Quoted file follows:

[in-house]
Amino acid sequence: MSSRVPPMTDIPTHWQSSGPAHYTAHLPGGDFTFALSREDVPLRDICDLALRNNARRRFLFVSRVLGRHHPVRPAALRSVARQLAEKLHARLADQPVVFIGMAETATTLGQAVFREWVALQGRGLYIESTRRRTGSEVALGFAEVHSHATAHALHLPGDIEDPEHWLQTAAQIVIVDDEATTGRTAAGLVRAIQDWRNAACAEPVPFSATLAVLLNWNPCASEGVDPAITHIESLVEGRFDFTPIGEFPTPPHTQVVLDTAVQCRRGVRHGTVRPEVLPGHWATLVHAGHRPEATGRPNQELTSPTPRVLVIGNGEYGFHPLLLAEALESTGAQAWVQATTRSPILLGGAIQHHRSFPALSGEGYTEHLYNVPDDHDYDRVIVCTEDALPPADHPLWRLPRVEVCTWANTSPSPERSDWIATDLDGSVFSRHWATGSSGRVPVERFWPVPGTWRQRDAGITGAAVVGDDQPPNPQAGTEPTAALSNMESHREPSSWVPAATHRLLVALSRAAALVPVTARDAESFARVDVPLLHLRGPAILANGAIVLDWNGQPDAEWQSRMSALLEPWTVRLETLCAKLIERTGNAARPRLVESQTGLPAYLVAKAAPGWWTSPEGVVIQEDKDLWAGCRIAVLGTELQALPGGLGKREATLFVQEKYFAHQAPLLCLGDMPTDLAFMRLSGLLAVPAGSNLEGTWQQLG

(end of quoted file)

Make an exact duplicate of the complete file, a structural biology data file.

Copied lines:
[in-house]
Amino acid sequence: MSSRVPPMTDIPTHWQSSGPAHYTAHLPGGDFTFALSREDVPLRDICDLALRNNARRRFLFVSRVLGRHHPVRPAALRSVARQLAEKLHARLADQPVVFIGMAETATTLGQAVFREWVALQGRGLYIESTRRRTGSEVALGFAEVHSHATAHALHLPGDIEDPEHWLQTAAQIVIVDDEATTGRTAAGLVRAIQDWRNAACAEPVPFSATLAVLLNWNPCASEGVDPAITHIESLVEGRFDFTPIGEFPTPPHTQVVLDTAVQCRRGVRHGTVRPEVLPGHWATLVHAGHRPEATGRPNQELTSPTPRVLVIGNGEYGFHPLLLAEALESTGAQAWVQATTRSPILLGGAIQHHRSFPALSGEGYTEHLYNVPDDHDYDRVIVCTEDALPPADHPLWRLPRVEVCTWANTSPSPERSDWIATDLDGSVFSRHWATGSSGRVPVERFWPVPGTWRQRDAGITGAAVVGDDQPPNPQAGTEPTAALSNMESHREPSSWVPAATHRLLVALSRAAALVPVTARDAESFARVDVPLLHLRGPAILANGAIVLDWNGQPDAEWQSRMSALLEPWTVRLETLCAKLIERTGNAARPRLVESQTGLPAYLVAKAAPGWWTSPEGVVIQEDKDLWAGCRIAVLGTELQALPGGLGKREATLFVQEKYFAHQAPLLCLGDMPTDLAFMRLSGLLAVPAGSNLEGTWQQLG